Which means that houses are not as easy to understand as they may seem. I like being the person who helps new homeowners learn how a house works and what they need to know so they can use it effectively.
DR: Are you communicating differently with buyers because of COVID-19?
WW: Totally. Normally, an inspection is a real-time discussion of what I’m seeing as I’m seeing it, followed by an immediate face-to-face review of my report. Inspections like that are obviously not optimal during the pandemic. Alternatively, I do the inspection without the buyer present and then we conduct a detailed review of my report over the phone or FaceTime. My reports include many pictures, so in about 45 minutes I can clearly walk a client through my findings and point out the major issues or problems. Some people even ask that I do the inspection alone, but that they show up for the last hour or so for a walk-thru at the property.
DR: Should a buyer be present during the inspection?
WW: It’s okay if they are not present, but they will not have a better opportunity to see inside of the guts of the house and ask questions of someone who knows the answers.
That being said–this is a large investment that they’re making, and home inspections can be nerve wracking. Some buyers expect something terrible when they see me pick up my flashlight or get down on my hands and knees to examine things up close. Examining things up close is literally what I do during the whole inspection. For those people, being present may not be the best idea, and it is perfectly fine for them to await my analysis later.
DR: If a buyer is looking at a condo property, can an inspector help with the home elements located outside of the unit?
WW: Absolutely. Frequently buyers don’t realize what they do and don’t own in a condo or what that kind of ownership means. For example, many people can’t imagine that they don’t own their windows or that they do own A/C equipment outside. A real estate agent may mention it to them, but I can really show you the details. Moreover, when I do a condo inspection, I almost always look at systems common to the condo community. Just because you don’t own something in your community doesn’t mean that it won’t affect you!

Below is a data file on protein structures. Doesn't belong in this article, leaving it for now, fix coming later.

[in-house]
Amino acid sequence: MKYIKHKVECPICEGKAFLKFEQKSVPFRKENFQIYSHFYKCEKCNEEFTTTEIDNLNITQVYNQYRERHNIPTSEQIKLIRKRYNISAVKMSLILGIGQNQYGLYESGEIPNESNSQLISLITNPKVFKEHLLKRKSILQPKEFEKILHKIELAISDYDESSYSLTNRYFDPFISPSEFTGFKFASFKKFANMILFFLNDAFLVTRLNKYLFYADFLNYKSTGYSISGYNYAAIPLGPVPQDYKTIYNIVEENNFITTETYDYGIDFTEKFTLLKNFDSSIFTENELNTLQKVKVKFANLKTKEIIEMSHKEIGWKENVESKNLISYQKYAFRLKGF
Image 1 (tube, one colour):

DR: Got it. And are you in contact with some of the buyers after the sale?
WW: Yes, lots of them. At the end of every house inspection, I always give them my phone number and tell them that they can call me and ask me questions. And I invite them to use me as a resource for when they need work done on their home. I’ll never forget being on the phone with a woman who was weeping because she needed a new water heater, had called a plumber and was distraught that she didn’t have $12,000 to get this guy’s help. And I was like “What, are you buying 12 water heaters?” Based on our advice, she was able to get a hot water heater replacement for less than 10% of the original quote.
DR: That’s shameful.
WW: But that’s what I like out there – some contractors will try to take advantage of people who don’t know any better.. I like getting in there and protecting people.
District Real is proud to consider District Home Pro as one of our preferred home inspection partners. To learn more about Will and his company, visit his website at districthomepro.com.